Surveys reveal how we remember opposing the Iraq war - but at the time we supported it

54 per cent of people said they backed the invasion of Iraq in 2003, but just 37 per cent of people polled today recall supporting it

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Indy Politics

Hindsight is a wonderful thing - especially when it comes to wars.

But when it comes to the Iraq war, it appears many of us have used the benefit of hindsight to not only alter our view of the 2003 invasion, but have also used it to forget the fact we supported it in the first place.

Polling by YouGov found that while 54 per cent of people supported the war at the time of the invasion in 2003, just 37 per cent of people polled today recall supporting it.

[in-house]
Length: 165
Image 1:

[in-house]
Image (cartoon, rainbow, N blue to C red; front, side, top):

Meanwhile the 2003 poll found 38 per cent of people opposed the war, but today 43 per cent of people claim they did not support it at the time.

It suggests the dishonesty surrounding one of the most controversial conflicts in modern history is not confined to the world of politics.

Tony Blair and George Bush have long been accused of lying over the real motivation for invading Iraq, but these surveys suggest the British public have been lying too - albeit on a very difference scale.

And the American's are even worse - 2003 polls found 63 per cent of people in the United States supported the invasion to remove Saddam Hussein, but fast-forward 12 years and just 38 per cent of people recall supporting it.

 

 

 

 

If only we had all possessed the same judgement on the Iraq war as the former Liberal Democrat leader Charles Kennedy, who died suddenly earlier this week.

He managed to correctly judge the political reality and mood of the nation years before most of his political counterparts, refusing to budge on his fierce and unrelenting opposition to the Iraq war, even when he knew the invasion was inevitable and continuing to oppose it risked appearing unpatriotic.

 

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